Checks, Balances, and What Happens When Congress Punts

 

Takeaway

  • Democrats and Republicans are more divided now than ever, which directly affects environmental and energy policy in the U.S.
  • Congressional gridlock makes it difficult for regulatory agencies to address modern social, scientific, economic, and technological developments. 
  • For the business sector, particularly those companies operating in heavily regulated industries, Congressional inaction leads to tremendous uncertainty.

The Environmental Protection Agency (EPA) made headlines in August when a federal district court in North Dakota granted a preliminary injunction to block implementation of the Clean Waters of the United States Rule (WOTUS) in dozens of states. The new rule would have expanded the agency’s reach to include small streams and wetlands, the environmentally sensitive headlands that flow to larger bodies of water already under the EPA’s jurisdiction. Those plaintiffs argue the new rule is unfairly burdensome because it requires a case-by-case analysis of every questionable (and even temporary) water source — a logistical nightmare if not an impossibility.

The injunction arrived just weeks after the EPA announced its final rule to regulate emissions from power plants, known as the Clean Power Plan, which was also met with lawsuits and landed on the Supreme Court’s docket before being implemented.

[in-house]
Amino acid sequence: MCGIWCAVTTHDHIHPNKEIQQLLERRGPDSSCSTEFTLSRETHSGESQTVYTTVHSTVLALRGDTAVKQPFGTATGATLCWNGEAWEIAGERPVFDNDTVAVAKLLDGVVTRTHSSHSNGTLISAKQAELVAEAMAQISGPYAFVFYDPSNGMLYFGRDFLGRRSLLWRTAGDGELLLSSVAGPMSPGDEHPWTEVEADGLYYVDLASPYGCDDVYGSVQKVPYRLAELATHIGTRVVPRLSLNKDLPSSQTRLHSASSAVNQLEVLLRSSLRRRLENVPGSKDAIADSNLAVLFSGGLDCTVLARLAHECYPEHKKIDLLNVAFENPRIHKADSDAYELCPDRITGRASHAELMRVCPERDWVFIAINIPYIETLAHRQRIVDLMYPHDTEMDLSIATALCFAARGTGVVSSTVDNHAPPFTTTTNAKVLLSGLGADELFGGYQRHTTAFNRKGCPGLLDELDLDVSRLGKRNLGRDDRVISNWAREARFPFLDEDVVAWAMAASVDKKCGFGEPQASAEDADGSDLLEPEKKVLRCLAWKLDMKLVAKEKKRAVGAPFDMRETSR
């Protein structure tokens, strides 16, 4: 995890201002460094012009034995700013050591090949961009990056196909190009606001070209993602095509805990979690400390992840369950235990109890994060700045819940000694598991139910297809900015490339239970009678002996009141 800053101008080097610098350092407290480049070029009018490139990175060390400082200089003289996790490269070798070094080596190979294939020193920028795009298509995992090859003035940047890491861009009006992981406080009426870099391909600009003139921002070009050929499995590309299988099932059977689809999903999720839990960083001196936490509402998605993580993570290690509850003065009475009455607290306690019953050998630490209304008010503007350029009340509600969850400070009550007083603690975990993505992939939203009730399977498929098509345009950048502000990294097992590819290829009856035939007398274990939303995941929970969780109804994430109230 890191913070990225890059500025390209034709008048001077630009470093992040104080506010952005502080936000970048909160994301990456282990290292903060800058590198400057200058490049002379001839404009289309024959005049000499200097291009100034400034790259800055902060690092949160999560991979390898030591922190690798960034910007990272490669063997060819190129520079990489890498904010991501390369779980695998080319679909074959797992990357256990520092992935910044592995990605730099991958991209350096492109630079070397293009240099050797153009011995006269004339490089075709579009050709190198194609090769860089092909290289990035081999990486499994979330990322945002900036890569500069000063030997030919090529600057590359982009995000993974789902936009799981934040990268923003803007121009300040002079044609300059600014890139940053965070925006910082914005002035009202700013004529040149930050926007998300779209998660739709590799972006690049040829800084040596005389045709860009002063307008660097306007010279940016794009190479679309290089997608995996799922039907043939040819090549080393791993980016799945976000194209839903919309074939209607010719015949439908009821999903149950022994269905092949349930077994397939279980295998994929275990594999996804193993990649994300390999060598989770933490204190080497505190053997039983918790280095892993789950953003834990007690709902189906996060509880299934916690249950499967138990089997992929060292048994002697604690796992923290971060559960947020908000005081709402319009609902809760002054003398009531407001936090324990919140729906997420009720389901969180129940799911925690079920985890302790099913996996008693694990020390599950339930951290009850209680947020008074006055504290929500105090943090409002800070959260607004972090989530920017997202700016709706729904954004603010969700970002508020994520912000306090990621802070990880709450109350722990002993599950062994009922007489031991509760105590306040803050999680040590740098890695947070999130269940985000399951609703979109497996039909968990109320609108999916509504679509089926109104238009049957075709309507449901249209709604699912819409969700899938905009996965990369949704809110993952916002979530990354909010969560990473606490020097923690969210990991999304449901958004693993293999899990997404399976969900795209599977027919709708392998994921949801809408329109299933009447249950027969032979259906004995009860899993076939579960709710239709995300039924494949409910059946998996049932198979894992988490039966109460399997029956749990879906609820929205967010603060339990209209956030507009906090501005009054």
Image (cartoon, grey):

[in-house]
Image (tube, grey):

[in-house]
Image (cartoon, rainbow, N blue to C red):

Professor David Spence, who holds dual appointments with the McCombs School of Business and The University of Texas Law School, says that for the EPA, these lawsuits have become “part of the job” and will only increase in number as Congress’ inability to update languishing statutes persists.

Spence, together with Harvard Law School’s Jody Freeman, who served as Counselor for Energy and Climate Change in the White House from 2009-2010, has published new research that examines Congress’ ideological polarization. They note that Democrats and Republicans are more divided now than ever and explore the implications for energy and environmental policy.

The House, says Spence, used to be comparatively moderate. That middle-of-the-road mentality meant it was easier for both sides to come together and pass legislation. Over the last 30 years, however, party platforms have shifted. “Most of the movement that has driven the parties ideologically farther apart comes from the Republicans moving right, which has resulted in stronger opposition to federal regulation because they believe it distorts the economy,” he explains. “Agencies now have to act without much help from Congress.”

Congressional gridlock, Spence and Freeman note, makes it increasingly difficult for regulatory agencies to address modern social, scientific, economic, and technological developments. The majority party controls the legislative agenda, and the minority threatens to filibuster. As a result, key statutes like the Clean Air Act that guide energy and environmental policy haven’t been touched in 25 years.

But when the EPA attempts to redefine its scope of enforcement without Congressional participation, it gets hit with a barrage of complaints, the researchers observe.

Take WOTUS for example. The rule was written in response to new environmental studies that show wetlands and small streams have a greater impact on water quality than was previously understood and, therefore, require federal regulation. The current statute, which doesn’t sufficiently clarify the EPA’s scope of jurisdiction, hasn’t been updated since the Water Quality Act of 1987.